DNA Timeline - Decades of DNA
Since the discovery of DNA, there have been many changes and progress in our knowledge of medicine and numerous other important areas. The discovery of the DNA double helix has marked the beginnings of a newer, most sophisticated science field. In turn, it is important to look at the history of DNA and the developmental path that has led to the current DNA technology and knowledge of this exciting molecule.
Moving Through the Decades of DNAFrom the 1960s through to the 1980s, genetic modification has revolutionised the pharmaceutical and agriculture industries while the unravelling of the mysteries around the genetic code have led to miraculous developments and research into gene-based diseases and conditions.
It was around the earlier 1990s that DNA analysis and its techniques had become widely used in laboratories. Following its entrance in the 1980s - primarily in England - it was now that it had become a key aspect of criminal justice systems around the world in westernised countries. Prosecutors were using DNA to find criminals and convict them in court. By comparing a suspect's DNA with DNA from evidence found at the scene of a crime, prosecutors could look at hair, blood, skin cells and many other evidence types to find a match with a suspect. DNA databases soon followed suit, holding the DNA profiles of convicted criminals. In the United Kingdom (UK), however, controversy also began to brew as DNA profiles were held for children and those who had been arrested but never convicted or even formally charged with a crime.
The Advent of DNA for Proving InnocenceIn the United States, the Innocence Project was also created to free innocent men and women who had been convicted of crimes. Using DNA analysis, the project aimed to identify those wrongly convicted and then have them freed after making an appeal to the courts.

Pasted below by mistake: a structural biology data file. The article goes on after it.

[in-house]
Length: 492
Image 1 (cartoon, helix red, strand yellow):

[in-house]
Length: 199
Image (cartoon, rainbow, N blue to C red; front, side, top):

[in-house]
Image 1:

Development of DNA for Paternity and Identification of VictimsIn the 1990s, DNA evidence began to make headway in paternity cases and also in immigration cases where it was used to establish a familial relationship. DNA analysis also gained notoriety for its use in helping adopted children to find their parents. Another important use in this decade was seen when DNA analysis was used to identify passengers who were killed in a plane crash.
When thousands died on September 11, 2001 after the World Trade Center site was bombed, DNA tests proved integral to identifying those who were killed by the attacks. While there were still some limitations in the ability of DNA to successful identify everyone who died - due to bodies being severely burned - it was still considered a vital tool in helping to identify those who perished.
As we move through the DNA timeline, we can see how significant DNA developments have been and how this molecule continues to guide our knowledge in science, medicine and other fields. From our determination of its structure to its widespread use in laboratories around the world, DNA is no longer a foreign term for most of us. Despite a great deal of the complex science behind DNA, it has now marked its relevant place in much of our lives.